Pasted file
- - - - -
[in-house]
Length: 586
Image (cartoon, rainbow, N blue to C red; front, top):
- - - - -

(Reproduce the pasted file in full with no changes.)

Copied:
[in-house]
Length: 586
Image (cartoon, rainbow, N blue to C red; front, top):